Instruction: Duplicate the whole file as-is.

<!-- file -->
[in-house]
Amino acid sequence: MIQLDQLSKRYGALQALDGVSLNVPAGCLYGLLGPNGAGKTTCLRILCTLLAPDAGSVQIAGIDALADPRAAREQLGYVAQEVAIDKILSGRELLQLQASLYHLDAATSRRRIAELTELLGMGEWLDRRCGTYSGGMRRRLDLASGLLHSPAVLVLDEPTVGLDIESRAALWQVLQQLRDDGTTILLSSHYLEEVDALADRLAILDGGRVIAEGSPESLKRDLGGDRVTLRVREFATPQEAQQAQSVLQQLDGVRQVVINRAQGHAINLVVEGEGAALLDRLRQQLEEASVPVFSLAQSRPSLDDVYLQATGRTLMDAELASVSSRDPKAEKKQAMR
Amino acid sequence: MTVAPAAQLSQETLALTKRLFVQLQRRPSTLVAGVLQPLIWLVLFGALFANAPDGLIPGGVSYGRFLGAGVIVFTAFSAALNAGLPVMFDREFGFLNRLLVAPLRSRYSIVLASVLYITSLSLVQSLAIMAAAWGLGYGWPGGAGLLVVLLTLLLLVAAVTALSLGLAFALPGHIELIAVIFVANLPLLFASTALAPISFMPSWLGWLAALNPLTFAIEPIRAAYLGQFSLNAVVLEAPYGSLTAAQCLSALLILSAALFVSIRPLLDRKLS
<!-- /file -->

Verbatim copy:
[in-house]
Amino acid sequence: MIQLDQLSKRYGALQALDGVSLNVPAGCLYGLLGPNGAGKTTCLRILCTLLAPDAGSVQIAGIDALADPRAAREQLGYVAQEVAIDKILSGRELLQLQASLYHLDAATSRRRIAELTELLGMGEWLDRRCGTYSGGMRRRLDLASGLLHSPAVLVLDEPTVGLDIESRAALWQVLQQLRDDGTTILLSSHYLEEVDALADRLAILDGGRVIAEGSPESLKRDLGGDRVTLRVREFATPQEAQQAQSVLQQLDGVRQVVINRAQGHAINLVVEGEGAALLDRLRQQLEEASVPVFSLAQSRPSLDDVYLQATGRTLMDAELASVSSRDPKAEKKQAMR
Amino acid sequence: MTVAPAAQLSQETLALTKRLFVQLQRRPSTLVAGVLQPLIWLVLFGALFANAPDGLIPGGVSYGRFLGAGVIVFTAFSAALNAGLPVMFDREFGFLNRLLVAPLRSRYSIVLASVLYITSLSLVQSLAIMAAAWGLGYGWPGGAGLLVVLLTLLLLVAAVTALSLGLAFALPGHIELIAVIFVANLPLLFASTALAPISFMPSWLGWLAALNPLTFAIEPIRAAYLGQFSLNAVVLEAPYGSLTAAQCLSALLILSAALFVSIRPLLDRKLS